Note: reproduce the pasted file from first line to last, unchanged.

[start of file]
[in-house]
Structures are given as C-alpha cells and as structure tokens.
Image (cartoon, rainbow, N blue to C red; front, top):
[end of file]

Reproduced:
[in-house]
Structures are given as C-alpha cells and as structure tokens.
Image (cartoon, rainbow, N blue to C red; front, top):